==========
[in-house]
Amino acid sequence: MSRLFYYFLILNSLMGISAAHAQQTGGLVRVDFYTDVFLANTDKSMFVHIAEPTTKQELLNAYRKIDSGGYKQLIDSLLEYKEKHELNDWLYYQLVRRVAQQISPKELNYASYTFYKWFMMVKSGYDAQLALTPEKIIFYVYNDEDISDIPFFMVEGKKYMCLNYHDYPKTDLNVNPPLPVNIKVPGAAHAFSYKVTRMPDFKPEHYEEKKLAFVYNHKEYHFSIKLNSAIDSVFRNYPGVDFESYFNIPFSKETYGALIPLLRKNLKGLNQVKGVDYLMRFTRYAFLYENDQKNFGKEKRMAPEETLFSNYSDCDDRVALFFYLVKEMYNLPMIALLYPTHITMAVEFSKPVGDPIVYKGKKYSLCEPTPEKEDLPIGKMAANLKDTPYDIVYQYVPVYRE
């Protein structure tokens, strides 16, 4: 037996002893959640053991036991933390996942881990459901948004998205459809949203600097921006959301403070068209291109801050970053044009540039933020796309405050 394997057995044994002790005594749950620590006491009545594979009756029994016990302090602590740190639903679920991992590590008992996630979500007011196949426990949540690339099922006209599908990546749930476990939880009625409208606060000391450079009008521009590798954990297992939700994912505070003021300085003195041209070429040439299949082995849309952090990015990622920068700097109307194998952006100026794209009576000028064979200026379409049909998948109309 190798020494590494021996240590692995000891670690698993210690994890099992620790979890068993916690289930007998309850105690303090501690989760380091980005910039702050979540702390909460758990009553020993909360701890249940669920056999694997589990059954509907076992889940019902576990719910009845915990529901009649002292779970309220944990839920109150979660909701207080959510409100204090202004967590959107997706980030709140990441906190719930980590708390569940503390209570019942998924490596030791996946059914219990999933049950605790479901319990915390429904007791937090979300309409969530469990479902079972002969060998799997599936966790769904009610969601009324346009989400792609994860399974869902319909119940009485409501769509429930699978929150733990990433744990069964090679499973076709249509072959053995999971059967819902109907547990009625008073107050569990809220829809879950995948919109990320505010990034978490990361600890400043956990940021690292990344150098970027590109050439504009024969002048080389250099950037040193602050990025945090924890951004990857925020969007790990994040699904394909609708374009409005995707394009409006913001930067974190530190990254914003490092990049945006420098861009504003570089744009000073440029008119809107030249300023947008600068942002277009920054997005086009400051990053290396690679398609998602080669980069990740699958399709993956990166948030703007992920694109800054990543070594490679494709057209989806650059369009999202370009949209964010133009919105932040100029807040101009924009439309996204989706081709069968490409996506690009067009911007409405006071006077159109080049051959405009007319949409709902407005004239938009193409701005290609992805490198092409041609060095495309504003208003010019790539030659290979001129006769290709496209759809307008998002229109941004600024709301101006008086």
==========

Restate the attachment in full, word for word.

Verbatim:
[in-house]
Amino acid sequence: MSRLFYYFLILNSLMGISAAHAQQTGGLVRVDFYTDVFLANTDKSMFVHIAEPTTKQELLNAYRKIDSGGYKQLIDSLLEYKEKHELNDWLYYQLVRRVAQQISPKELNYASYTFYKWFMMVKSGYDAQLALTPEKIIFYVYNDEDISDIPFFMVEGKKYMCLNYHDYPKTDLNVNPPLPVNIKVPGAAHAFSYKVTRMPDFKPEHYEEKKLAFVYNHKEYHFSIKLNSAIDSVFRNYPGVDFESYFNIPFSKETYGALIPLLRKNLKGLNQVKGVDYLMRFTRYAFLYENDQKNFGKEKRMAPEETLFSNYSDCDDRVALFFYLVKEMYNLPMIALLYPTHITMAVEFSKPVGDPIVYKGKKYSLCEPTPEKEDLPIGKMAANLKDTPYDIVYQYVPVYRE
């Protein structure tokens, strides 16, 4: 037996002893959640053991036991933390996942881990459901948004998205459809949203600097921006959301403070068209291109801050970053044009540039933020796309405050 394997057995044994002790005594749950620590006491009545594979009756029994016990302090602590740190639903679920991992590590008992996630979500007011196949426990949540690339099922006209599908990546749930476990939880009625409208606060000391450079009008521009590798954990297992939700994912505070003021300085003195041209070429040439299949082995849309952090990015990622920068700097109307194998952006100026794209009576000028064979200026379409049909998948109309 190798020494590494021996240590692995000891670690698993210690994890099992620790979890068993916690289930007998309850105690303090501690989760380091980005910039702050979540702390909460758990009553020993909360701890249940669920056999694997589990059954509907076992889940019902576990719910009845915990529901009649002292779970309220944990839920109150979660909701207080959510409100204090202004967590959107997706980030709140990441906190719930980590708390569940503390209570019942998924490596030791996946059914219990999933049950605790479901319990915390429904007791937090979300309409969530469990479902079972002969060998799997599936966790769904009610969601009324346009989400792609994860399974869902319909119940009485409501769509429930699978929150733990990433744990069964090679499973076709249509072959053995999971059967819902109907547990009625008073107050569990809220829809879950995948919109990320505010990034978490990361600890400043956990940021690292990344150098970027590109050439504009024969002048080389250099950037040193602050990025945090924890951004990857925020969007790990994040699904394909609708374009409005995707394009409006913001930067974190530190990254914003490092990049945006420098861009504003570089744009000073440029008119809107030249300023947008600068942002277009920054997005086009400051990053290396690679398609998602080669980069990740699958399709993956990166948030703007992920694109800054990543070594490679494709057209989806650059369009999202370009949209964010133009919105932040100029807040101009924009439309996204989706081709069968490409996506690009067009911007409405006071006077159109080049051959405009007319949409709902407005004239938009193409701005290609992805490198092409041609060095495309504003208003010019790539030659290979001129006769290709496209759809307008998002229109941004600024709301101006008086």